Secondary Care

Tech benefits Norfolk Community to reduce A&E admissions

Norfolk Community Health and Care Trust has reported a reduction in A&E admissions and bed days among a group of high-dependency patients following the introduction of a new remote-monitoring service from InHealthcare for people living with heart and lung disease.

The Trust allows users to check their vital signs at home and was designed to improve quality of life for patients and free up hospital beds and surgery time. The technology enables clinicians to monitor trends and intervene if readings move outside individual thresholds. It encourages patients to recognise changing symptoms and promotes self-management of their conditions.

The remote monitoring complements the work of the trust’s heart failure team which attends to patients in clinic, at home and via telephone consultation.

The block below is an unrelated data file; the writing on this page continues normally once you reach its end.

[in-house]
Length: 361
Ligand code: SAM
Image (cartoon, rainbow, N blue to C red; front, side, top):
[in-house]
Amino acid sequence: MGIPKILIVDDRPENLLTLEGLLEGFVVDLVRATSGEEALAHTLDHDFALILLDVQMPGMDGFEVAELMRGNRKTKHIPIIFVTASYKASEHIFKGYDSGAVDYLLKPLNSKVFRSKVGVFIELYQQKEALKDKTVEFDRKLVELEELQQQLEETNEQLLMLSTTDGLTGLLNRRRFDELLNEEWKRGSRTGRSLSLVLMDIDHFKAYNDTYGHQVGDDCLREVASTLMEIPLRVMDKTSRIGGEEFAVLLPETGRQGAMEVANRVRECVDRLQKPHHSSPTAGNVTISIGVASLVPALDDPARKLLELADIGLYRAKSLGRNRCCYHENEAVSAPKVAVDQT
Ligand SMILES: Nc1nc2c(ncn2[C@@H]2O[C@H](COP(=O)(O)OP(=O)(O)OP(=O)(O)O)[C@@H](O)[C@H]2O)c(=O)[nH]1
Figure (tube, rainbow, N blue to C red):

Analysis by the trust of the six months before and after the introduction of the service has revealed that accident and emergency admissions have reduced and GP visits have reduced. The analysis also showed a similar trend for patients who stayed on the normal service, suggesting that nurses were able to spend more time with patients who needed care the most.

The self-testing service is for patients who have recently experienced heart failure or chronic obstructive pulmonary disease and need to be monitored to ensure their vital signs are within safe range. They are given a medical device and training to monitor their vital signs at home. These include blood pressure, temperature, weight, pulse rate and oxygen saturation.

The patient then sends the readings to clinicians via an online submission form or automated telephone service, depending on how confident they feel using technology.